Whether your child is preparing for kindergarten or starting to learn English as a second language, the English alphabet is an essential part of learning how to read and write. Learning to read and write is a very special and magical time for children. The learning process should be fun for both parent and child.
As parents, it’s natural and acceptable to want the very best for our children. Sometimes wanting the best for our children ends up having the complete opposite effect for one reason or another. I’ve see it happen so many times with parents, at one point along the road of parenting, we get so overly excited and proud, we want to teach our children everything all at once. We also may be inclined to feel that our child needs to be doing or learning similar things that other children doing or learning. It may be a child that’s younger; sometimes its children that are of the same age, and at times is may be children that are slightly older. I’m not trying to point any fingers and I’m not afraid to admit that when I first became a new mother, I was constantly comparing. What’s important is realizing that no two children are alike, so there’s no reason to be comparing your child to another. We need to let our children grow, develop and learn in their own special ways, and in return, that will be the key to their success.
In order to decide whether or not your child is truly ready to begin learning the alphabet, try this quick test. Have your child hold a pencil, if they are able to properly hold a pencil steadily in their hand, then this is a good starting point. Be patient with your child, and remember that writing is a complete new process and can be a difficult task for young children.
Start out with an easy activity to start introducing the letters of the alphabet. Let your child do the listening unless they choose their self to chime along. You can incorporate the letters of the alphabet in fun creative ways such as an alphabet chart, flash cards, chalkboards/dry erase boards or a cute children’s alphabet book. Physically point out each letter as you say the name of the letter and exaggerate the kind of sound it makes. Ask your child to repeat after you. I would suggest repeating this activity over a span of week as a good warm up.
You can take the next step in one of two ways, depending on how well your child seems to be retaining the information they learned from the previous week.
Divide the alphabet in half, spending the next week or two (or longer if needed) to work with the first thirteen letters of the alphabet.
Dedicate one letter per day
Divide letters into sections of two, three, four, or five (use your discretion to decide)
Regardless of the method you choose to divide the alphabet, reviewed each letter(s) for that particular day and see if your child can name each letter on their own. Once your child has successfully completed each section of the alphabet, start combing two sections a day. Once your child is able to identify all the letters of the alphabet, it’s time to move on to the next step.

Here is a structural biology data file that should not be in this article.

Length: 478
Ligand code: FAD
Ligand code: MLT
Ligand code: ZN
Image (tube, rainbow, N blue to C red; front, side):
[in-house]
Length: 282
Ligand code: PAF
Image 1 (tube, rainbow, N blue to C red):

This next step is the fun and exciting part because your child gets to physically practice writing each letter of the alphabet. To help with guiding your child, make sure that you have lined paper for this activity.. You can use wide rule notebook paper or choose writing practice paper. I would highly recommend going with writing practice paper rather than the wide rule notebook paper because the space between each line is larger, visually less confusing, and easier on little hands. I have created a free practice paper printable to save you a trip to the store: Practice Paper. Go ahead and write each letter for your child and allow them to copy your letter several times. Help your child figure out how each stroke of the letter comes together. Some children have difficulty remembering when a round part of a letter has a line or a loop attached, so gently remind your child. For example, some children can't remember that a "p" is an "o" with a line attached. Explain this to your child as they are writing. You can also practice using the connect-the-dot method as well.
Once your child is comfortable with writing all the letters of the alphabet, start creating crafts together that incorporate letters and letter writing. Make a scrapbook, and ask your child to help you label pictures using letters, create a card for a friend, write a short note or book, or simply cut out a specific letter from a piece of paper and decorate it. Practice writing words. Your child can copy a sentence from a book or magazine or write words that are meaningful to him. For example, your child can write his name or his favorite color. Say each letter as your child writes it to help him remember names of each letter.
No matter which approach you take to teach your child to read and write the alphabet, always remember to have patience, cheer your them on and show how proud you are and do what you can to keep the learning process fun and with the least amount of frustration. You are teaching your child skills that they will use for the rest of their life. Skills that will lead to bigger and better opportunities. Once you have your child reading and writing the alphabet, pat yourself on the back, and wait for the best yet to come! Have fun and happy learning!
What fun methods have you tried or plan to try with your child to teach them the alphabet? The more creative the better! Please feel free to comment & share some photos of your creativity :)